“Again, people reinvent the story, but Nine never won the revenue until they became number one in total people. They’d won demos for lots and lots of years. So they’ll tell you it doesn’t hurt. But when you actually look at the facts, they’ve been number one for 24 months in 15 years.

“This is not about, oh, yay, Seven crawled across the line. This is actually about momentum. This is actually about what we’ve got coming, and the fact that this group of people might have lost their confidence, but never lost their ability. And all I’ve done is give them some of the funds to get going and get some formats. We’re still in market for formats.

“We know that any show at any time can age and that’s what we were guilty of under the Seven Studios model of probably over relying on MKR. We’ve been very, very aggressive in terms of things that we’ve gone after. We haven’t got them all right, but we’ve got a hell of a slate. Australian Idol next year is a big one for us. MKR, the pitches from the production industry was absolutely outstanding.”

On the prospect of a streaming service equal to Seven’s rivals of Nine and 10, James said:

“We are talking to global players. There’s a couple of global payers, probably only two to be frank that you’d want to talk to, and we’ve continued pretty positive discussions with them, doesn’t mean something’s going to happen, but we are absolutely investigating a streaming play, remembering we have 10 million verified registered users, which will only grow with the Winter Olympics and the Commonwealth Games some five months later. We’ve got a very effective pace for what is now a very crowded market in Australia.”

Rob then asked Angus about the several heritage brands and formats already established in Australia that have made or are making a return on Seven, such as Dancing with the Stars and Big Brother. Angus said:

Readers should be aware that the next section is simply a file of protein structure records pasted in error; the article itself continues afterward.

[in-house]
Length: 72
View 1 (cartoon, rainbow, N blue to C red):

Seven’s Director of Programming Angus Ross (image – 7)

“Look, the reason we went with a number of those heritage brands is because they’re known and they work, and we’ve successfully reinvented a number of them.

“We are still looking at new formats and there are a number that we’re
looking at going forward as well. I think it’s just a balance, and particularly you need in some parts of the week, it’s good to have a bit of bulk audience and safety, where perhaps in other parts of the week, you can roll the dice on different sorts of shows, but it’s always going to be a balance for us, but we are definitely in the market for more formats because as I’ve said, you always feel like you’re at least one to two short, and you never know when something’s going to fall over.”

About Big Brother VIP’s failure to fire this year and whether it may hurt the overall brand, Angus said:

“I’m not concerned. I think the cast that we’ve got for next year combined with the All Stars, I think it’s going to be a ripper. I don’t have any concerns whatsoever for the main brand.”

James added:

“And I think in fairness, we launched the format the day that the two biggest markets in Australia got out of lockdown. You can always look at things in hindsight, but when you’re making a decision in July and you’ve just lost a tadpole, and you can’t make something else we were going to make, and you can put a group of people isolated into a house and guarantee you’re going to have a product at the end of it.”

Rob asked James, who rejoined the network in 2019, what his proudest change was from the multiple made since restructuring the business. He said:

“Well, I think for us, it’s just that when you look at it, credibility, respectability, profitability. So when you think about what we’ve done along the way, taking a business that some of our competitors would walk around town. Some of my counterparts would walk around town saying, “Seven are broke, Seven are busted, Seven are done, Seven need to raise capital.” They’d be around. So the first six to 12 months maybe, we knew what the plan was, and so making hard decisions.